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Wednesday, February 8, 2012

Wendy Laharnar - Blog Bonanza Visitor


To begin the Young Adult and Middle Grade Blog Bonanza I'm delighted to introduce Wendy Laharnar. Wendy is going to tell us 

RELEVANCE OF A BOOK TITLE
I thought I was blunt in my responses, until the other day I met someone blunter. 
I handed the adult my card to show him the beautiful book cover and blurb for The Unhewn Stone. Expecting a positive comment and a smile, he gave me a frown, and this –
“What’s an unhewn stone?”
“Well, it’s a stone that hasn’t been hewn. It hasn’t been chiselled or shaped; it’s a rock in the raw.” I refrained from adding ‘Duh!’
‘Humph,” he sneered and handed back the card. “As if anyone would know what that means.”
So, I thought maybe I should explain why I chose The Unhewn Stone for the title of my YA, Historical Time Travel novel, set in Switzerland, 1307 AD. 
Actually, the idea that my title had something to do with shaping stone came to me after I finished writing the book, but I didn’t tell Mr Blunt that.
Stefan’s story opens on his eighteenth birthday, 23rd December, which happens to be the only day in the Celtic Tree Calendar that doesn’t have a tree attached to it. This day is known as the Secret of the Unhewn Stone; the day of endings and beginnings, a blank day, full of potential. 
Since Stefan is on the brink of manhood, when childhood ends and life as an adult begins, I thought the title would kill two birds with the one stone. 
  1. The Unhewn Stone names a particular date – Stefan’s birthday, 23rd December. The real significance of the date, for Stefan, becomes apparent in chapter one. 
  2. And since this date symbolizes potential, it relates to Stefan’s ‘new beginning’.
Later, when I’d finished Stefan’s story, I realized my hero is The Unhewn Stone. Stefan has not reached his full potential when the novel opens, but his experiences in the Middle Ages shape him. 
During Stefan’s adventure, he becomes a tourist like the ones he envies at his parents’ guesthouse, in our time. The trouble is, the alchemist’s orb he uses to take him into the 14th century, gives him heaps of trouble. Many times he wonders if he will ever return home alive.
He encounters peasants, noblemen, an evil knight, a shape-shifting sibyl, Wilhelm Tell, monks and other medieval characters. They all leave their mark on him, chiselling away at his pride and arrogance. When events force Stefan to confront his ignorance and fear, he finds the hero he is looking for. He also learns to look beyond himself and discovers the value of friendship, mercy, honour and humility.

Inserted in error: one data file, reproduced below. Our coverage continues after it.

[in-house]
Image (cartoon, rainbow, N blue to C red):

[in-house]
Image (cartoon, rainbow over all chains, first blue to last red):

Quite accidentally, I came across this quote that sums up my novel and its title quite nicely, I think.
I saw the angel in the marble and carved until I set him free. 
Michelangelo Buonarroti 1475-1564
I’d like to think I took an unhewn stone and chiselled with care until I revealed the real Stefan Gessler. Hopefully, I have set him free to become the man he is meant to be.
Excerpt : 
As Stefan slipped from behind the heavy tapestry, a figure in black flung open the shutters. Fading daylight flooded the room. An uncomfortable sense of familiarity prickled his skin. If this was the sibyl, she had him cornered.
He dived back behind the wall hanging and slammed his hand on the limestone surface, rubbing the wall in search of the hidden mechanism. He thumped the stones, but couldn't reopen the secret passage. The tapestry moved about him as if struck with a broom. Pulling in his stomach, he flattened himself against the wall. The movement stopped. He drew a breath and waited.
The edge of the tapestry rolled back. A hand reached for his cloak. The nail on the middle finger grew longer. It curved into a talon.
"I need you Dear One. Come to me," the woman purred.
Stefan gazed at a lovely young face, the face of his unrequited love. "Ursula!" He spoke her name, enthralled even though a part of him knew the girl wasn't real. Unable to abandon his toxic desire, he followed her into the light and believed he mattered to her.
Her cold touch soothed his face. He breathed the scent from the cinnamon sticks she'd poked through the wilted, wildflower-circlet on her head, but a sudden whiff of the bat faeces she sought to disguise brought him to his senses.
"Urgh!" he said, scanning the room for a means of escape. "Keep away from me." 
Does this book sound good to you? Leave a comment and be in to win a Kindle copy of "The Unhewn Stone".


http://tinyurl.com/3vqoxl4 Muse Bookstore -- The Unhewn Stone Page

http://tiny.cc/08zn3 Amazon page -- The Unhewn Stone.

29 comments:

Wendy said...

Thank you, Sue, for inviting me. I'm honoured and delighted to be the first guest on your February Blog Bonanza. I hope I get to meet some of your MG and YA readers.

Sue Perkins said...

You're welcome Wendy. I've just been battling with the new Facebook Timeline to promote the Bonanza. Managed in the end. Have fun.

Rosalie Skinner said...

Great post Wendy... what a brilliant explanation for your title. It makes so much sense. Having read The Unhewn Stone, I can see how you shape Stefan through each adventure, encounter and crisis he survives.